The Department of Consumer Affairs (DCA) Office of Financial Empowerment today, in partnership with the Mayor’s Office of Immigrant Affairs (MOIA), released the Immigrant Financial Services Study Research Brief, which surveyed more than 1,300 immigrants from China, Ecuador and Mexico to deepen the City’s understanding of the financial service needs and behaviors of New York City’s diverse and vibrant immigrant community. It revealed that, while all three groups have savings, some have a longer pathway to banking than others, in part due to misperceptions about the process of opening a banking account and access to financial institutions. The Study is part of MOIA’s One NYC One Nation initiative to strengthen immigrant communities and was made possible by generous support from Citi Community Development and New York Community Trust.
“Banking patterns and needs of immigrant communities often defy anecdote and generalization,” said DCA Commissioner Jonathan Mintz. “This intensive Study of Mexican, Ecuadorian, and Chinese immigrants provides key insights and concrete data for policymakers and those in the financial services industry looking to expand safe banking opportunities, including detailing the communities’ needs, demands, and real and perceived obstacles to banking, credit, and asset building.”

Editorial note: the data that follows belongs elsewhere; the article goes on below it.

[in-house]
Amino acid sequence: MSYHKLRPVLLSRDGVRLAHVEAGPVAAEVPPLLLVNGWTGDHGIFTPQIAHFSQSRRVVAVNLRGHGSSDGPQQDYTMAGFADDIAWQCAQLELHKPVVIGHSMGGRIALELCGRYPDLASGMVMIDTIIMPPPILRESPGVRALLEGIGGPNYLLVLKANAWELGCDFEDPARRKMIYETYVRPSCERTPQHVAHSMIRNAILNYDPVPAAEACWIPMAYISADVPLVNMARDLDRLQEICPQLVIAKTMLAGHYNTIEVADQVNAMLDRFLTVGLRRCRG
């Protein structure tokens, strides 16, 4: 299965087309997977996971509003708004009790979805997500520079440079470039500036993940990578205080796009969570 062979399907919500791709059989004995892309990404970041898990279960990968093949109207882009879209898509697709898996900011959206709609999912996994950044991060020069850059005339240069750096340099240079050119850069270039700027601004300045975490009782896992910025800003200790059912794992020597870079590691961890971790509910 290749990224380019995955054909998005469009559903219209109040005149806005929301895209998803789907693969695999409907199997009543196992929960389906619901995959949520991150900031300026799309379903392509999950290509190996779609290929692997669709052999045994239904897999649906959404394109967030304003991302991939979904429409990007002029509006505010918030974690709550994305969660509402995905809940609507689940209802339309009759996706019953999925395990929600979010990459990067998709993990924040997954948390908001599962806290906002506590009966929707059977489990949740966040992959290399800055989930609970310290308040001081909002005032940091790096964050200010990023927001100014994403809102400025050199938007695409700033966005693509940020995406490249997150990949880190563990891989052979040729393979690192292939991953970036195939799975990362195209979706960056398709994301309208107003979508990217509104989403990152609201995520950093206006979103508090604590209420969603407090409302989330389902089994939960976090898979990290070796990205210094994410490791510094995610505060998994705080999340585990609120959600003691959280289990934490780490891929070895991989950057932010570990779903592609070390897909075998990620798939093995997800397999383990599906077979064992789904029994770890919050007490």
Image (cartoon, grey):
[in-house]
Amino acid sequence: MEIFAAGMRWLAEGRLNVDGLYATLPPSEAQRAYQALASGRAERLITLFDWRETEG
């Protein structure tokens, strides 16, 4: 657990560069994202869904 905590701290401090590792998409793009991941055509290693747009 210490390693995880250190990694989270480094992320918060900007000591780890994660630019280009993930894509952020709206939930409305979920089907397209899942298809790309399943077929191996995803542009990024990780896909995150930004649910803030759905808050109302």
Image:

“Understanding the financial patterns of immigrant New Yorkers is critical to ensuring their successful integration into our city,” said Mayor’s Office of Immigrant Affairs Commissioner Fatima Shama. “The data and findings to support immigrant connectivity and economic growth are very exciting. I applaud my colleagues at DCA for their partnership, and Citi for its support for the study.”
“Citi shares the City of New York’s commitment to expanding financial inclusion to all New Yorkers, and this Study makes clear the very diverse needs of distinct immigrant communities in terms of access to and usage of financial services,” said Bob Annibale, Citi Global Director of Microfinance & Community Development. “The Study demonstrates that it is critical to design initiatives that address the specific characteristics of these groups, their neighborhood-based needs, and the many barriers, including different experiences, skills, and languages, that together impact goals to significantly expand access to banking and other formal financial services for individuals and small businesses. Citi is working with innovative partners, such as the City of New York, to identify opportunities to link financial access with new and engaging ways to deliver financial education, so that our newest New Yorkers will be able to make informed financial decisions and achieve their families’ goals.”